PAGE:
Tag Archives: Maine

Addiction Treatment With a Dark Side

money-pillsThe NY Times has a new piece on Suboxone.

First, on its blockbuster status:

Suboxone is the blockbuster drug most people have never heard of. Surpassing well-known medications like Viagra and Adderall, it generated $1.55 billion in United States sales last year, its success fueled by an exploding opioid abuse epidemic and the embrace of federal officials who helped finance its development and promoted it as a safer, less stigmatized alternative to methadone.

But more than a decade after Suboxone went on the market, and with the Affordable Care Act poised to bring many more addicts into treatment, the high hopes have been tempered by a messy reality. Buprenorphine has become both medication and dope . . .

Next, on the dark side of the business:

Many buprenorphine doctors are addiction experts capable, they say, of treating far more than the federal limit of 100 patients. But because of that limit, an unmet demand for treatment has created a commercial opportunity for prescribers, attracting some with histories of overprescribing the very pain pills that made their patients into addicts.

A relatively high proportion of buprenorphine doctors have troubled records, a Times examination of the federal “buprenorphine physician locator” found. In West Virginia, one hub of the opioid epidemic, the doctors listed are five times as likely to have been disciplined as doctors in general; in Maine, another center, they are 14 times as likely.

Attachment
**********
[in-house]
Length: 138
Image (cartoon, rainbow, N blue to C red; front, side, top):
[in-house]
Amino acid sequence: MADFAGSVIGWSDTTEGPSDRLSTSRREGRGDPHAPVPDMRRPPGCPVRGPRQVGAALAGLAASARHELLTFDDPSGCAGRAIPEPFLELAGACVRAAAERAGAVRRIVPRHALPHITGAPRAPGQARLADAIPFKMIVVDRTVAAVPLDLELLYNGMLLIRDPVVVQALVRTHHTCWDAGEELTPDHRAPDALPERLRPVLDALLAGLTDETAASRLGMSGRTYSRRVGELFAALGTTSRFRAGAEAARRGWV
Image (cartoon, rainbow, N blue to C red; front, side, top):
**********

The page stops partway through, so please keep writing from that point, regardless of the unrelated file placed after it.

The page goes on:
Nationally, at least 1,350 of 12,780 buprenorphine doctors have been sanctioned for offenses that include excessive narcotics prescribing, insurance fraud, sexual misconduct and practicing medicine while impaired. Some have been suspended or arrested, leaving patients in the lurch.

Statistics released in the last year show sharp increases in buprenorphine seizures by law enforcement, in reports to poison centers, in emergency room visits for the nonmedical use of the drug and in pediatric hospitalizations for accidental ingestions as small as a lick.

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Filed under Controversies, Policy, Treatment

Venture capital and methadone

postcard---heroin-lie

There must be a lot of money available if private equity firms are willing to expose themselves to this much risk:

At least five state legislatures are considering bills to tighten oversight of methadone clinics after allegations that take-home doses of the drug are contributing to illegal street sales, misuse and deaths.

Measures in West Virginia, Minnesota, Indiana, Pennsylvania and Maine, if passed, could increase costs or limit revenue for the nation’s largest methadone chains — both of them backed by private equity firms: CRC Health Corp. is owned by Boston-based Bain Capital Partners LLC; and Colonial Management Group LP is in the portfolio of Warwick Group Inc. of New Canaan, Connecticut.

Police, prosecutors and state regulators have linked clinics operated by CRC and Colonial to doses of the synthetic narcotic that were diverted into black-market sales — sometimes with deadly results.

Police, prosecutors and state regulators have linked clinics operated by CRC and Colonial to doses of the synthetic narcotic that were diverted into black-market sales — sometimes with deadly results.

The array of legislation reflects concerns that some for- profit clinics — which distribute the synthetic narcotic to help patients beat addictions to heroin and other opiates — don’t provide enough services, said Robert Lubran, director of pharmacologic therapies at the U.S. Substance Abuse and Mental Health Services Administration.

“We know for-profit providers often provide a lower level of service” than non-profit counterparts, Lubran said.

“It’s a question across the nation: Is it a cash cow these providers are running or are they really trying to help our citizens?” said Meshea Poore, a Democratic member of West Virginia’s House of Delegates.

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Filed under Controversies, Harm Reduction, Policy, Treatment